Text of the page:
Who among us truly stands apart from the rest of the human race? Neil Armstrong alone. There can be only one “first person on the Moon.” His passing is a real milestone. Thus, I thought that you’d enjoy these excerpts from my 2006 book, Shooting for the Moon (Lyon Press), in which Buzz Aldrin confided to me some secrets from that historic day.
After the LEM landed… The astronauts asked if they could begin their space-walk, and NASA approved it. There had been much back-and-forth about this very issue for weeks before the flight. If the original schedule were to be followed, they’d be walking when nearly everyone in the US, and most in Europe, would be asleep, in the wee hours of the night. By getting the go-ahead now, their moonwalk would happen in prime time.
It took several interminable hours for the men to get their cumbersome suits and helmets on, and check out the radios and oxygen and all the rest. Armstrong finally opened the little square hatch, measuring a mere two feet, eight inches on a side.
It was late at night on July 20…when Neil Armstrong emerged, backward, and started down the ladder. It wasn’t easy for him to see how high up the final, lowest rung was: The ground beneath the ladder was in shadow. On the Moon all shadows are pitch-black.
So Armstrong could not fully see where he was stepping. Instead, he tentatively hung a leg downward into empty space below the final rung, like a bather testing the water temperature. Viewers at home didn’t know it, but the landing plan had called for shutting down the engines as soon as the “contact light” had come on, and letting the LEM drop the final three or four feet. This would have accordioned the deliberately compressible honeycombed legs. But Armstrong had instead been so gentle in his descent that the engines were still firing when the LM was fully on the surface! As a result, the legs were in no way compressed, and the ladder was therefore higher up than expected, with a substantial three-foot drop beneath the final rung.
Armstrong now saw all this, but if he was in any way concerned he didn’t show it. “I’m at the foot of the ladder. The LM footpads are only depressed in the surface about one or two inches, although the surface appears to be very, very fine-grained as you get close to it. It’s almost like a powder…”
The world held its breath. Would he ever step off, and then say whatever it was that the press had speculated about for months?
It had been a topic hotly discussed: the first human words from the Moon. What would they be? Many hoped that Armstrong would avoid any parochial or patriotic sentiments – that his speech would resonate with some universal theme. It was widely believed that the words would be remembered for all time.
At this point, few at home realized that “Okay, engine stop,” spoken by Aldrin six hours earlier, had really been the first words from the Moon. But even if they did, the ones that somehow were deemed to be “official” would be the words uttered from outside the spacecraft, not from within its walls.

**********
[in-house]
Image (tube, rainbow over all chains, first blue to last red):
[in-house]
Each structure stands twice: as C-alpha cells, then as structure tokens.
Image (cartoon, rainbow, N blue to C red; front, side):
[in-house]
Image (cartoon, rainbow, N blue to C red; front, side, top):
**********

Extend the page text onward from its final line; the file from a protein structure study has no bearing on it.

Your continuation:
NASA had insisted that Armstrong was at liberty to say whatever he wished; it was one more manifestation of America being a free country. When his own crewmates brought up the topic of what he intended to say, during the three days that they were en route to the moon, Armstrong had been evasive and ambiguous. He wasn’t letting on that he had even decided yet. And maybe he hadn’t.
Of course, many suspected that someone from NASA’s PR department must have secretly met with Armstrong sometime before the flight, and either made discreet suggestions or else asked to hear what the Ohioan had in mind. After all, this was big. Would NASA really leave it entirely to chance? Armstrong was a test pilot, not an orator.
The television camera – marvelous in that it was showing anything at all, but criminal in that the black-and-white images were crude and ghostlike, especially when compared with the vastly superior quality of what was televised during later landings – now showed Armstrong reaching his leg widely out and down, and then hopping down. “That’s one small step for man, one giant leap for mankind.”
Everyone cheered. Announcers repeated it over and over. Translators quickly rendered it comprehensible in every language. Of course, there was one little problem: It made no sense. At least that first clause required interpretation. The final clause, “one giant leap for mankind,” was fine; its meaning was obvious. But what did that initial “man” signify in “That’s one small step for man”? Did “man” mean mankind, as it usually does when stated without an article? Or had Armstrong meant himself, in which case he should have said “a man”? Had he blown his lines, like someone’s over-rehearsed speech to the boss?
Later, when asked about this, Armstrong said that he had said “a man,” and that it must have been lost in transmission. Nobody believed him. The tapes are crystal-clear, and there are no other “dropouts” or other missing segments or syllables anywhere else.